By getting into action. If all of us start doing that, in whatever domain we want, in whatever is bothering us–be it polythene bags, paan marks on public property, the poor state of our zebra crossings, whatever it is—that’s a good beginning. Start alone, start with family or friends, just start. If 10 people listen to you, five will oppose; but look at the positive side. I believe that logic is largely an excuse for not doing something. So, be a doer. India doesn’t need any more thinkers for some time; we need doers, we need action and initiative. There are thousands of small organisations that are doing good work, and if you don’t want to lead, you can always follow them.

How would you describe your journey as a founder and a leader?

When you get into action, you explore something new every day, not only about your team, your work and the potential of your work, but also about yourself. As you and your organisation grow, there is a growing expectation of you and the organisation, not just from the world but also from yourself.

‘Leader’ and ‘follower’ are words that indicate a certain relationship: without the follower, there would be no leader. For people like us—who are not spiritual gurus or political leaders, many of whom can afford to talk without delivering much—the only way to get people within and outside the organisation to follow us, is to practise what we preach.  It’s my responsibility to take care of the institution and be aware of any word-action gap in myself as a leader and as an individual.

As a founder, it’s not enough that I speak to the world; regular conversations with the team ensure that I am not cut off from the last person in the team. Wherever I go, I spend time with the larger local team, even if for 15 minutes. That’s something other colleagues also have to do. It’s important to keep the connect.

In the growth phase of an organisation, admin work consumes a lot of time. But I guess it’s a package deal – it’s not like all the good work will come to you and the unpleasant work will go to someone else. When it feels mundane and not worth your time, remember that this is part of your dream: you’ve built an institution and you want replication to happen; so, you have no option but to work on those nuts and bolts to build a ready model for people to take away.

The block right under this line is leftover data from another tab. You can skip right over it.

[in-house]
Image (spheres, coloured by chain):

You often speak about democratic leadership. How do you make it work at Goonj?

We practise a guided democracy, wherein people have a lot of freedom to think and act; there’s an outline whose contours can change over time, but people know the non-negotiables. Freedom is as important as responsibility and delivery.

Over the last 20 years we have assured our team members that they can grow to their potential as we won’t bring in someone senior from outside the organisation. That gives them space and opportunity to grow within the organisation. It also builds a lot of trust.

One of the reasons for our growth is the quality of our leadership in different states. We seek to create a strong sense of ownership in our team members about the work they do. People in the communities don’t always recognise me, but they relate very well with the head of their local Goonj chapter. This sense of ownership is built in small ways, such as insisting that important emails go out from the colleague who’s managing the project, ensuring that local teams interact with local media, and so on.  That is a spirit we see being transferred from one generation of colleagues to the next as well. Since these things look very small, organisations often take them for granted–and that’s where gaps start happening.

We also move people across roles, so they see how they are interdependent and connected. Thus, a person in the product design and production team must recognise that their job is made possible by those who sort raw materials at our processing centre. If the field team didn’t work efficiently, why would we need a team to talk about money? Each member is a part of the same value chain and we can’t afford to have even a single link collapse.